How shares are traded
8. Normal market size
Normal market size (NMS) is the minimum number of securities, as specified by the London Stock Exchange, for which a market maker is obliged to quote firm bid and offer prices.
NMS for each security is calculated quarterly and is based on 2.5 per cent of the security's average daily turnover in the preceding year. However, market makers are usually prepared to quote firm prices for volumes larger than the NMS.
Midco may have an NMS of 1,000, yet a market maker might be prepared to quote firm prices for volumes of, say, 3,000 offer and 3,000 bid. Your broker, on your behalf, should therefore be able to buy or sell up to 3,000 shares in Midco via that market maker at the prices quoted by that market maker, despite Midco's NMS of 1,000.
The market maker's quote will show on your broker's screen as 'Midco at 105 - 110 (3,000 x 3,000), ie the market maker is prepared to sell to your broker up to 3,000 shares at 110p or buy from your broker 3,000 shares at 105p.
If you wanted to buy or sell more than 3,000 shares, this may be possible, but you may have to pay rather more than 110p to get the shares, or accept rather less than 105p to sell the shares.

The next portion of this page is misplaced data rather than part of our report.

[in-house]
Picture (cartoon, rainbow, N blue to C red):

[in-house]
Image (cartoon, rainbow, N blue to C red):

- Large companies tend to have high NMS figures.
This is because of their high level of liquidity. For example, HBOS's NMS is 75,000 shares, and about 5m of its shares are traded every day. You can be fairly sure that if you are buying 3,000 shares, the prices quoted are good. Your order isn't going to move the market.
- Small companies have lower NMS figures.
This is because their shares tend to be less liquid. However, you will see from the above that this doesn't necessarily mean that you'll be unable to purchase a number of shares larger than the NMS. Provided your requested trade is within the market makers quoted size, then you should be able to deal.
NetBenefit, an AIM stock, has an NMS of just 1,000.
If the market maker's quoted size is 3,000 x 3,000 and you want to purchase 2,000 shares, then you should be able to deal, even though your 2,000 shares exceeds the NMS.
If, on the other hand, you want to purchase 5,000 shares, (ie more than the market maker's quoted size) then you may find you cannot deal, or perhaps that you can deal but at a higher price than that quoted.